Ever wonder where all your Girl Scout Cookie money goes, long after you've devoured that box of Thin Mints??
OK, before you get the wrong idea that I am Girl-Scout-bashing, here's my disclaimer: I am a lifelong Girl Scout. I was a brownie and worked for the organization through college. OK? Don't get it twisted now.
Saw this online, how Girl Scout cookie profits breakdown:
$0.55 - $0.60, Troop proceeds (average)
$0.11, Girl awards and recognitions
$1.70 - $2.00, Council-sponsored program events, properties, and services
(That's an example based on nummbers from a council in the midwest)
"The Girl Scouts of Central & Southern New Jersey ... 55 to 80 cents goes directly to an individual troop. And if older girls forgo prizes, they can earn as much as 85 cents per box of cookies for their troop. Approximately 87 cents goes to the bakery and another $1.70 to $2.00 'provides programs and activities to Girl Scouts throughout our council.'
...The Girl Scouts of the USA explained that 'All the money after the bakers are paid stays local... About 83 percent goes to the girls' activities, 11 percent goes to administrative costs and 6 percent goes specifically to the fundraiser's costs.' "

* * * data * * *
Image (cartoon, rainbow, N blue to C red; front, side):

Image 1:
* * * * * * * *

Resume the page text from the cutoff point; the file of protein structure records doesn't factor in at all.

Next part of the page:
Hahaha, I laugh, at the sacrifice that is "forgoing prizes". Because of years of hard-selling (i.e. my parents were the first generation of office folks who brought my cookie sheets into work), I earned many "great" prizes. Like stuffed animals. And toys. They weren't as exciting as the appliances you could win hawking greeting cards, but they were accolades nonetheless.
By the way, due to the assistance of my parents' co-workers contributing to a large portion of my sales, I used to average 250-300 boxes a season. I was sort of a big deal.
And I had to actually go door-to-door. None of this hanging out in front of the grocery store crap. Things were different back then.
I had to walk the ten miles around my neighborhood. In the snow. In my bare feet.
Times sure were tough.